`create_table`'s close cousin is `change_table`. Used for changing existing tables, it is used in a similar fashion to `create_table` but the object yielded to the block knows more tricks. For example

[source, ruby]
---------------------
change_table :products do |t|
  t.remove :description, :name
  t.string :part_number
  t.index :part_number
  t.rename :upccode, :upc_code
end
---------------------
removes the `description` column, creates a `part_number` column and adds an index on it. Finally it renames the `upccode` column.   This is the same as doing

[source, ruby]
---------------------
remove_column :products, :description
remove_column :products, :name
add_column :products, :part_number, :string
add_index :products, :part_number
rename_column :products, :upccode, :upc_code
---------------------

You don't have to keep repeating the table name and it groups all the statements related to modifying one particular table. The individual transformation names are also shorter, for example `remove_column` becomes just `remove` and `add_index` becomes just `index`.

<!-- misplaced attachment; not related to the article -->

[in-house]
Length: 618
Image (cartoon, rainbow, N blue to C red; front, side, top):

=== Special helpers ===

Active Record provides some shortcuts for common functionality. It is for example very common to add both the `created_at` and `updated_at` columns and so there is a method that does exactly that:

[source, ruby]
---------------------
create_table :products do |t|
  t.timestamps
end
---------------------
will create a new products table with those two columns whereas

[source, ruby]
---------------------
change_table :products do |t|
  t.timestamps
end
---------------------
adds those columns to an existing table.

The other helper is called `references` (also available as `belongs_to`). In its simplest form it just adds some readability

[source, ruby]
---------------------
create_table :products do |t|
  t.references :category
end
---------------------

will create a `category_id` column of the appropriate type. Note that you pass the model name, not the column name. Active Record adds the `_id` for you. If you have polymorphic belongs_to associations then `references` will add both of the columns required:

[source, ruby]
---------------------
create_table :products do |t|
  t.references :attachment, :polymorphic => {:default => 'Photo'}
end
---------------------
will add an `attachment_id` column and a string `attachment_type` column with a default value of 'Photo'.